At the time executions in the United States resumed, many states had not executed anyone for over twenty, sometimes thirty, years. Previously used equipment, such as electric chairs and gas chambers, were old, needed expensive repairs, and had experienced problems in the past. Also, many states felt that a modern technique embodying the latest methods was needed. Lethal injection had first been proposed in 1888 when New York considered it but ultimately opted for electrocution. In 1977, Oklahoma became the first state to adopt lethal injection. Texas performed the first execution by lethal injection in 1982 with the execution of Charlie Brooks. To date, sixteen states have lethal injection as their only method of execution; sixteen others provide for it as an option. It is by far the most common method employed, with over 246 inmates put to death by lethal injection since 1982.
(Source: Florida Corrections Commission)
A report compiled by the Bureau of Justice Statistics, Capital Punishment 1995, and a telephone survey conducted April 1997 by the Staff of the Florida House of Representatives, Committee on Corrections, indicate that of the fifty states and the District of Columbia, thirty-eight states have a death penalty and differing methods of execution: lethal injection (36), electrocution (8), lethal gas (4), hanging (3), and firing squad (3).
Several states have more than one method of execution. Twelve states and the District of Columbia have no capital punishment. See Appendix E, "Methods of Execution by State."
For a detailed report go to Execution Methods.
Between April 7 - April 18, 1997, staff of the Florida Corrections Commission conducted a telephone survey of seventeen selected states to discuss their chosen method(s) of execution. Although some states have the statutory authority to use lethal gas, firing squad and/or hanging, the survey focused on states using lethal injection and electrocution.
Currently, thirty-two states allow for execution by lethal injection and eleven use electrocution. Sixteen states provide for two or more methods of execution. Generally, the surveyed states were selected because: (1) the high number of inmates executed by lethal injection; (2) recent changes in statutes to provide for execution by lethal injection; and, (3) use of electrocution. Table 1. details the states surveyed and the reason for their inclusion.
|Alabama||Uses electrocution as its only method of execution.|
|Arkansas||High number of inmates executed by lethal injection. Provides for both electrocution and lethal injection.|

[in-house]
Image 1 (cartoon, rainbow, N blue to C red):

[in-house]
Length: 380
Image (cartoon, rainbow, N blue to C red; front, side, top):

|Connecticut||Recently amended statutes providing for lethal injection as its only method of execution. (No executions to date.)|
|Georgia||Uses electrocution as its only method of execution.|
|Illinois||High number of inmates executed by lethal injection.|
|Indiana||Recently amended statutes providing for lethal injection as its only method of execution. (One execution by lethal injection to date.)|
|Kentucky||Uses electrocution as its only method of execution.|
|Missouri||High number of inmates executed by lethal injection.|
|Nebraska||Uses electrocution as its only method of execution.|
|New York||Recently adopted the death penalty; chose lethal injection.|
|Ohio||Provides for both electrocution and lethal injection. (No executions by lethal injection to date.)|
|Oklahoma||High number of inmates executed by lethal injection. Provides for both electrocution and lethal injection. First state to adopt lethal injection as its primary method of execution.|
|Pennsylvania||Recently amended statutes providing for lethal injection as its only method of execution. (Two executions by lethal injection to date.)|
|South Carolina||Provides for both electrocution and lethal injection. Recently amended statutes to provide lethal injection as an option.|
|Tennessee||Uses electrocution as its only method of execution.|
|Texas||High number of inmates executed by lethal injection. First state to execute an inmate by lethal injection.|
|Virginia||High number of inmates executed by lethal injection. Provides for both electrocution and lethal injection.|
The surveyed states were asked to describe their execution procedures and if those procedures were in writing; composition of the execution team, including any medical personnel; problems encountered during executions; and, any documented costs of execution equipment. If the state used lethal injection, either as its only method of execution or as an option, they were asked what prompted the change, what method was used previously, and any legal ramifications of the change in methods. Information obtained from each state surveyed is detailed below.